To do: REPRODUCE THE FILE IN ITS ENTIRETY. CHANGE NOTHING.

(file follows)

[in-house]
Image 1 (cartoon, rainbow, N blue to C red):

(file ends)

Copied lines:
[in-house]
Image 1 (cartoon, rainbow, N blue to C red):